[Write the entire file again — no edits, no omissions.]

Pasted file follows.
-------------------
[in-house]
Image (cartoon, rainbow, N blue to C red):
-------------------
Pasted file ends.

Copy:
[in-house]
Image (cartoon, rainbow, N blue to C red):